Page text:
Brian Lee Crowley

Commentary: “Islam vs. Islamism: Confronting the terrorist threat while preserving the free society”

How can free, western-liberal-democracies protect themselves against violent terror attacks such as we have seen recently in Boston and the streets of London, while still preserving our essential freedoms and founding values?  At what point should the beliefs individuals hold themselves be subject to the laws of the nation?  These are difficult questions to answer since our desire to remain free must be balanced against our need for security.  Here is my latest Commentary “Islam vs. Islamism: Confronting the terrorist threat while preserving the free society” where I try to establish the lines of demarcation between the freedom to hold personal beliefs, an the freedom to act upon them in society.

Recently, the Macdonald-Laurier Institute co-sponsored a discussion event with renown Middle East expert Daniel Pipes titled “Islam vs. Islamism: an evening with Daniel Pipes” where Pipes gave an impassioned talk on what we mean when we talk about the difference between Islam – one of the world’s great religions – and “Islamism”, the ideology behind so many terror attacks.

Following the talk by Mr. Pipes, there was a panel discussion with Salim Mansour and myself where we explored this issue further.  This event was the impetus for a column I wrote for Postmedia which you can read here.  But I felt that more needed to be said than the confines of a 750 word column would allow so I have expanded on that column with the following full length Commentary posted at the Macdonald-Laurier Institute’s website.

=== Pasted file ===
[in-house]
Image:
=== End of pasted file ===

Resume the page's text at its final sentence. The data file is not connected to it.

Column in the Ottawa Citizen: Anti-Islam prejudice is no way to defend freedom

Please read my latest column below, published in Postmedia outlets including the Ottawa Citizen where I write that the greatest protection Western nations have against terror is to steadfastly punish culprits who cause or call others to cause violence, while simultaneously safeguarding and defending the freedoms and liberties that protect us all.

Anti-Islam prejudice is no way to defend freedom


As the outrages of militant radical Islamists become ever more horrific, the temptation in western societies to give in to anti-Islam prejudice becomes ever stronger. When the Toronto 18 were arrested, several mosques were vandalized in the Toronto area. Post 9/11 in the U.S. and post 7/7 in the UK, movements have emerged to oppose the building of mosques.

Expressions of hostility to Muslim immigration or dress are never far from the surface, and every beheading of a soldier in the streets of London, or mass shooting by a madman shouting “God is great” gives extra cover to people who cannot distinguish between radical Islam and ordinary law-abiding Muslims.

Yet being able to make this distinction — to punish wrongdoers while defending the freedoms of everyone who obeys the law, including Muslims — is the bedrock condition of being both free and safe.

Because the free society is not a mutual suicide pact, we have developed ways of protecting our freedoms from those hostile to them, while protecting everyone who respects our core values.